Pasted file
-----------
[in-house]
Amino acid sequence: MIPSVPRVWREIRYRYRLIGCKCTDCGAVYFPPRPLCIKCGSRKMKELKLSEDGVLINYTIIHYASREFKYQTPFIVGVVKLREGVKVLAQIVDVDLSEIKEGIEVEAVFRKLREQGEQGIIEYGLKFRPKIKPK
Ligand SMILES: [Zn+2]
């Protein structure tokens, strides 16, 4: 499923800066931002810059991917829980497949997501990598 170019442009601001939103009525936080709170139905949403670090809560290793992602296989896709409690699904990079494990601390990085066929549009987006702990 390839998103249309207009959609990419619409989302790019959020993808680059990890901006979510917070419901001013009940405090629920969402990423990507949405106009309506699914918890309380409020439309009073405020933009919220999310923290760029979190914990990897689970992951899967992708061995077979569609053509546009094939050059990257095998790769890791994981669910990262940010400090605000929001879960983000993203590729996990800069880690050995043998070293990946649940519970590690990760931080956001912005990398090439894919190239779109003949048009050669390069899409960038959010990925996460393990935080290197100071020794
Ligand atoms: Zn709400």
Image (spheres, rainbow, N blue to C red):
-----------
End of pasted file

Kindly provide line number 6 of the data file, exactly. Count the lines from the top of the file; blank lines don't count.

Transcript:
Image (spheres, rainbow, N blue to C red):